Tag Archives: taxation and labour supply

“You’re all a bunch of socialists” Mises on Friedman


Piketty is a supply-side economists?

Which matters more to the incentive effects of income tax? @JordNZ


Data extracted on 08 Apr 2017 01:20 UTC (GMT) from OECD.Stat.

So New Zealanders do not pay much income tax @TaxpayersUnion


Data extracted on 08 Apr 2017 01:20 UTC (GMT) from OECD.Stat

% employees working more than 50 hours per week, 2014 OECD area

Not coincidentally, countries with high marginal income tax rates have low levels of long hours worked per week.


Data extracted on 14 Aug 2016 01:52 UTC (GMT) from OECD.Stat; Data does not include the self-employed.

% women age 25 to 54 working full-time in USA, UK, Canada, Germany, France, Italy, Australia, New Zealand, Ireland, Sweden, Norway and Denmark

To account for full-time work being 35 hours per week in some countries but 40 hours others I have included both in the chart below. Not many Dutch women work full-time.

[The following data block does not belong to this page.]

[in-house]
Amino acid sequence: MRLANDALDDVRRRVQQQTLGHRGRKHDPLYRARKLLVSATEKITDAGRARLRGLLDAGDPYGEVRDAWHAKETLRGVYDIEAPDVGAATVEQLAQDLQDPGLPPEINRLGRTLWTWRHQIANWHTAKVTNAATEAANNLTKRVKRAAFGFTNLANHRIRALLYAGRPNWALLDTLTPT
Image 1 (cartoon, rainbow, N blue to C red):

Data extracted on 11 Mar 2016 14:08 UTC (GMT) from OECD.Stat.

Gap in GDP per Australian, Canadian, French, German, Japanese, New Zealander and British hour worked with the USA

This data tells more of a story than I expected. Firstly, New Zealand has not been catching up with the USA. Japan stopped catching up with the USA in 1990. Canada has been drifting away from the USA for a good 30 years now in labour productivity.image

Data extracted on 28 May 2016 05:15 UTC (GMT) from OECD.Stat from OECD Compendium of Productivity Indicators 2016 – en – OECD.

Australia has not been catching up with the USA much at all since 1970. It has maintained a pretty consistent gap with New Zealand despite all the talk of a resource boom in the Australia; you cannot spot it in this date are here.

Germany and France caught up pretty much with the USA by 1990. Oddly, Eurosclerosis applied from then on terms of growth in income per capita.

European labour productivity data is hard to assess because their high taxes lead to a smaller services sector where the services can be do-it-yourself. This pumps up European labour productivity because of smaller sectors with low productivity growth.

#NeverTrump but why no #neverBernie, only #feelthebern?